Fernando and Pierre-Yves in the comments are right; $R$ has this property (the version where the canonical map is an isomorphism, as YCor says in the comments) iff it is a solid ring, meaning the multiplication map $m : R \otimes_{\mathbb{Z}} R \to R$ is an isomorphism, and no commutativity assumption is needed. To see this really clearly note that we can rewrite the canonical map as

$$\text{id}_A \otimes m \otimes \text{id}_B : A \otimes_R (R \otimes_{\mathbb{Z}} R) \otimes_R B \to A \otimes_R R \otimes_R B.$$

Now the implication $\Rightarrow$ follows by letting $A = B = R$, and the implication $\Leftarrow$ follows by noting that if $m$ is an isomorphism then it's an isomorphism of $(R, R)$-bimodules.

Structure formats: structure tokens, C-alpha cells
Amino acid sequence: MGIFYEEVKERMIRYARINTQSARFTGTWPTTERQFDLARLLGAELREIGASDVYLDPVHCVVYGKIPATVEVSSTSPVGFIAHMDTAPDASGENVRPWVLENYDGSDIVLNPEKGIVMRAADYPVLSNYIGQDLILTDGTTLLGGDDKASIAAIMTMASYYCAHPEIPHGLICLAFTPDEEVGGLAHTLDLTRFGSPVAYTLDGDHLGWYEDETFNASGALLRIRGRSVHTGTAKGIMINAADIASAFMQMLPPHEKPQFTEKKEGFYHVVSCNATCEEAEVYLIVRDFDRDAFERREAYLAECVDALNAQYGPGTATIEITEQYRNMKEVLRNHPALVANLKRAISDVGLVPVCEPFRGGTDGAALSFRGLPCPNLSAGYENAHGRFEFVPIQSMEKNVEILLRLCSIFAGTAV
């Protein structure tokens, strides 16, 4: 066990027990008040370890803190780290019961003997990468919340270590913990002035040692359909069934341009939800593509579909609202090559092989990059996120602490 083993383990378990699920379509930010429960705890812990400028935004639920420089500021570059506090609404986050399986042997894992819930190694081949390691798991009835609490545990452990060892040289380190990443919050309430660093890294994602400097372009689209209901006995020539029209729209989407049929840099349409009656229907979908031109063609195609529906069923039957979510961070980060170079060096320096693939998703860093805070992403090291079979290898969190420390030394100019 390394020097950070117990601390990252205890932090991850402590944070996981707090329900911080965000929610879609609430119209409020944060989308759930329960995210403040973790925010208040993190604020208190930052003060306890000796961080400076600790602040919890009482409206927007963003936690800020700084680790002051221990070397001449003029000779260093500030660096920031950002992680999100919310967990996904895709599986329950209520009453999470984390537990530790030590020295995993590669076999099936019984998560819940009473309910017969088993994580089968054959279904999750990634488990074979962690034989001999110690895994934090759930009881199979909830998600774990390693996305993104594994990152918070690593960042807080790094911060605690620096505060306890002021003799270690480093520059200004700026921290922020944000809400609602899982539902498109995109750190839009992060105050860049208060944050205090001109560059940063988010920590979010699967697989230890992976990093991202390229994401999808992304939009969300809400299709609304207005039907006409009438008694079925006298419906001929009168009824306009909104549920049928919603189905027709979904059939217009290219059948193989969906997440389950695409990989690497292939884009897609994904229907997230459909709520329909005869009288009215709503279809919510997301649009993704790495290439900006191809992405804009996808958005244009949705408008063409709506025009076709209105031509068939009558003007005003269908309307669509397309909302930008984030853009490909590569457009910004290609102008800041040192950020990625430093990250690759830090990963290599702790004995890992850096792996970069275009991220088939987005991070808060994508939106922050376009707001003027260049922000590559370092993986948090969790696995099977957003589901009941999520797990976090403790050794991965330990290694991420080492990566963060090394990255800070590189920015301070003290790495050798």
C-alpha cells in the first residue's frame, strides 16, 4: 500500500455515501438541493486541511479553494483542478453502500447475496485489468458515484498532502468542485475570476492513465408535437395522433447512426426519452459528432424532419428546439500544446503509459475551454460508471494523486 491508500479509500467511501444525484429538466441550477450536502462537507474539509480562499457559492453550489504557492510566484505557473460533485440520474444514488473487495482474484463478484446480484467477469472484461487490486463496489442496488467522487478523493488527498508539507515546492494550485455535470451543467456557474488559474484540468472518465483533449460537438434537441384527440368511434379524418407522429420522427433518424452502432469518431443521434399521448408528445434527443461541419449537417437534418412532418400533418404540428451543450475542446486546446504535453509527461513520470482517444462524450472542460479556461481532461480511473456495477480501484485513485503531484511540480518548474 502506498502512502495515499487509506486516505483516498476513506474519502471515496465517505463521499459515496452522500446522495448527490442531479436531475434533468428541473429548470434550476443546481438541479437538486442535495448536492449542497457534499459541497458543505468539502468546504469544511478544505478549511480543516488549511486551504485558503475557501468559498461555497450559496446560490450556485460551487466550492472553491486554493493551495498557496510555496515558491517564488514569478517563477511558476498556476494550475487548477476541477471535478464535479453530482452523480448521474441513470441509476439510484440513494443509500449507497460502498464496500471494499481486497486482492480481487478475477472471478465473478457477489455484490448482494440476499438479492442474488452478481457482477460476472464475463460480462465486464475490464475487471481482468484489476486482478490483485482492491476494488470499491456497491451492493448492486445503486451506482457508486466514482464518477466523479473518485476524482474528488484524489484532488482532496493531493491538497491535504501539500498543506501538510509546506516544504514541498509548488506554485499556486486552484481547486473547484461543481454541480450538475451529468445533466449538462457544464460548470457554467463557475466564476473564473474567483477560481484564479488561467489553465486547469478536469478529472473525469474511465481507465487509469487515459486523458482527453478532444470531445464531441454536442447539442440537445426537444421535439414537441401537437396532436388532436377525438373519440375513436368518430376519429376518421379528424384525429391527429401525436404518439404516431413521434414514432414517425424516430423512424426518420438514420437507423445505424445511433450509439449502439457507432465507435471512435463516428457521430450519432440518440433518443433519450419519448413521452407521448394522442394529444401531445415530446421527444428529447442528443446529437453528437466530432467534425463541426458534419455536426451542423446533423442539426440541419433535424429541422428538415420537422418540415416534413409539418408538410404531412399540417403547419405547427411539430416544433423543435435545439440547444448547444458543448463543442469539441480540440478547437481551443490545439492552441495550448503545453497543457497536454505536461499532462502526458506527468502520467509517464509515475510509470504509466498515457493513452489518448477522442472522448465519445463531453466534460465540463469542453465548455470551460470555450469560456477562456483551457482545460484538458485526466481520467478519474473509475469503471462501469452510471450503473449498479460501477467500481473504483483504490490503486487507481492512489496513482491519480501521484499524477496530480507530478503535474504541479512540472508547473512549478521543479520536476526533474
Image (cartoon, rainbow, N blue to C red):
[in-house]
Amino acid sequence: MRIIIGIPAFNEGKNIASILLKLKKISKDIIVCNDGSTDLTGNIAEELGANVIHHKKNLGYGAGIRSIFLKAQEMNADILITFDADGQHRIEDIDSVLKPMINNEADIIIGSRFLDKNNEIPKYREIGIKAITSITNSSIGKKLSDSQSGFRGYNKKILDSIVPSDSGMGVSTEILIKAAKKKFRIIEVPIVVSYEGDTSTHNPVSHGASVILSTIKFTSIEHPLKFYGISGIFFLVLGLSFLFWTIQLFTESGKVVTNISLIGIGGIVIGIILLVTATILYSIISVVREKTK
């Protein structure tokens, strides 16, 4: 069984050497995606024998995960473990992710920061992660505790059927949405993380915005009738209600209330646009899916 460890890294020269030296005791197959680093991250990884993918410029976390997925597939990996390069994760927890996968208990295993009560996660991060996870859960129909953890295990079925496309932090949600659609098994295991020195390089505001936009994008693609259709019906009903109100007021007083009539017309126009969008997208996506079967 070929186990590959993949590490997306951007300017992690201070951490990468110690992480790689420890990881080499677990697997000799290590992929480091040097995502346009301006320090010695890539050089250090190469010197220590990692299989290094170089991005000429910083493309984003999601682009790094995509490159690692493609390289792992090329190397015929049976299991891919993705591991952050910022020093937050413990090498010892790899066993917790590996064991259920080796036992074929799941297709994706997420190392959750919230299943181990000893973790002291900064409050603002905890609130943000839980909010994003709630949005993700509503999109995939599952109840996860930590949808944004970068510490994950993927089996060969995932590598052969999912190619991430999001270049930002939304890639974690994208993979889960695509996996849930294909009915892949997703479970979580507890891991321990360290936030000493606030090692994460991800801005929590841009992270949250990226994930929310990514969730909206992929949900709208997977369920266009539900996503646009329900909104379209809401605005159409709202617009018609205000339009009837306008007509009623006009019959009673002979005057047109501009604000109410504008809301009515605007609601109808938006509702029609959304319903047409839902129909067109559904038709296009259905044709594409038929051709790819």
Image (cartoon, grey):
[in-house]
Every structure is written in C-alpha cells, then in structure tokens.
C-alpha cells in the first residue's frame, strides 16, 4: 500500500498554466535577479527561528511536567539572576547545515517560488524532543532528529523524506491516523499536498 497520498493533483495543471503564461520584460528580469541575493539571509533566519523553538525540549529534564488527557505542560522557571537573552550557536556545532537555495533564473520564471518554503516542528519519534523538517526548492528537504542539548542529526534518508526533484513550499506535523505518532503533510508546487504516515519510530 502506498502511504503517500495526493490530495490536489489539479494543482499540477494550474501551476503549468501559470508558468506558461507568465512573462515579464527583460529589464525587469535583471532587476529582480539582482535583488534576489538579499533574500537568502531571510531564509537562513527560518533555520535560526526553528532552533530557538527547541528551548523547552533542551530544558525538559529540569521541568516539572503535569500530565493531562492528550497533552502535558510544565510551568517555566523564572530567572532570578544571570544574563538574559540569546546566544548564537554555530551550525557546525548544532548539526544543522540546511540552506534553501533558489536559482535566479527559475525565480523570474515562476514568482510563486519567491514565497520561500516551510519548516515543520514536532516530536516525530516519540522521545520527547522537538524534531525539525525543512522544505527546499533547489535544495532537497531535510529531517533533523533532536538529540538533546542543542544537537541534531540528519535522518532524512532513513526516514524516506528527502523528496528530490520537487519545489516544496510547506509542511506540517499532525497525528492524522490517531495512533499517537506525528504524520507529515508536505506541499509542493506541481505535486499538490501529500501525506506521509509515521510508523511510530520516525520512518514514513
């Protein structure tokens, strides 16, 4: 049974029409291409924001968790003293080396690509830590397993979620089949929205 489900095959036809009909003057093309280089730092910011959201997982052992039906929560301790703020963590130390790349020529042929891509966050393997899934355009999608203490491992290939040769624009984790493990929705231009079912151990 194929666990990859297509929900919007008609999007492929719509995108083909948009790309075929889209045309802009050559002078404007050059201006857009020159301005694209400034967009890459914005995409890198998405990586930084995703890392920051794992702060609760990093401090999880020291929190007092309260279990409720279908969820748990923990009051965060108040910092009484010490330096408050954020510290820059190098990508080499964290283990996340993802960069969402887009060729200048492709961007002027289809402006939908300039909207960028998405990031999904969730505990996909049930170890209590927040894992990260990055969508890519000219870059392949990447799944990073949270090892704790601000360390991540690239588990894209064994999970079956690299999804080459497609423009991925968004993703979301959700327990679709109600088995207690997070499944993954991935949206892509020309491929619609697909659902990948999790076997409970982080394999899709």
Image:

(The idea behind rewriting things this way is that by a variation of the Eilenberg-Watts theorem, the category of functors taking as input a left $R$-module and a right $R$-module, cocontinuous in each variable, and returning as output an abelian group is equivalent to the category of $(R, R)$-bimodules, hence any natural transformation of such functors as in the OP can be analyzed as a bimodule homomorphism, namely the bimodule obtained by substituting $A = B = R$.)